The first time we adopted from China was nearly three years ago now, but it still seems like yesterday. I traveled alone to bring home a daughter that we knew had a severe Congenital Heart Defect. I had flown for over a day, stopped in Beijing for a whirlwind tour of a lot of sights that I hoped to commit to memory and tell my daughter all about someday. I took a cramped, hot, and much delayed in country flight to the capital of her province to adopt her. After all that, I spent one long sleepless night and a very anxious morning, pacing the floor of a cold and smoky hotel, waiting to go and meet her.
My guide explained that we would meet in the lobby at 11am to go to the Provincial Affairs Office to meet my girl. I will never forget what that building looked, smelled and sounded like when we arrived. It had an elevator, but it was broken. We had to climb five flights of stairs to get to the small room where we would wait. This province doesn’t do a whole lot of adoptions. Two years later, during a subsequent adoption, the room I would wait in would be jam-packed with thirty-some families. Not this time though. That first time, there were four other families in the room, two from somewhere in Europe, and three other families from the U.S. If you asked me to draw all their faces for you, even on this day, nearly three years later, I could. I remember everything about those moments leading to her.
I remember exactly where I was sitting in the room. I remember how many times I stood up anxiously as someone entered. Four. Four other families united with their new children before it was my turn. The guide explained that it was a long drive from my daughter’s orphanage to the capital. The drive had taken longer than expected. So, we would continue to wait.
Finally, it was my time. A man and woman entered the room carrying one very tiny girl. The man spoke quickly to the guide, and all of it became a blur. Where were my questions? This was my chance to ask all about her. I couldn’t remember where I had put them. All of the sudden, they were handing her to me. That was it? You’re giving her to me? They were! They were just giving her to me! After all this time, all this waiting, all this praying, she was in my arms. Too bad she hated me from second one.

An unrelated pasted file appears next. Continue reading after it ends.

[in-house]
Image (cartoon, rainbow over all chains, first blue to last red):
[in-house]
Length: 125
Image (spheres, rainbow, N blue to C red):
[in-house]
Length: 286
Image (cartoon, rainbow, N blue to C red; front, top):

She absolutely lost it as soon as they handed her to me. She screamed, cried, and clawed to get away. She did all of this until she turned blue. I panicked a little, asking the man and woman she had come with if this was her usual color. Does she usually sound like this? Does she usually change colors when she cries? They didn’t know. They didn’t know her at all. Turns out, they weren’t her caregivers at all. This was the only nanny available, who was traveling with the Orphanage Director, who had never met my daughter prior to today. They handed me some random medication that someone had prescribed for her at some point in time, and they left, promising to see me the next day for adoption day.
Now it all gets foggy. Now I don’t remember a whole lot. We ran around the city, taking some passport pictures, filing some paperwork to get her passport, doing “stuff” I didn’t really understand. She screamed. She screamed the entire time. Nothing I did comforted her. The guide kept trying to help, but honestly, she was only freaking me out. I kept telling her ‘She’s sick. Do you hear her breathing? It’s not okay. She’s really sick.’ The guide just kept telling me to give the random medicine and that if we needed a doctor, we could do that tomorrow. I just nodded, unable to do anything but agree at this point.
When we finally got back to the hotel, the guide said goodbye to us in the lobby and I nearly clung to her. Don’t leave me with this baby! This baby hates me! But, determined to do this myself, I bit my lip, said goodbye, and decided to get to know my girl. I rode in the elevator up to our room and tried to talk to her, hold her, sing to her, rock her. I checked her diaper. Dry. All day it had been dry. She refused the bottle for the next three hours. She’s going to get dehydrated. It didn’t help that she was, very literally, dressed in eight layers of clothing. I took all that off, bathed her, put her in fresh jammies, and tried to calm her again.